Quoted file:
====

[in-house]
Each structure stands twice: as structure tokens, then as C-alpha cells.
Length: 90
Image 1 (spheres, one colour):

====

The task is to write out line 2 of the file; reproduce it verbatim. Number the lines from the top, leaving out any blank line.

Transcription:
Each structure stands twice: as structure tokens, then as C-alpha cells.